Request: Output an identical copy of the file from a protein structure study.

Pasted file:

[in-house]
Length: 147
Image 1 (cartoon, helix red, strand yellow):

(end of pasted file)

[in-house]
Length: 147
Image 1 (cartoon, helix red, strand yellow):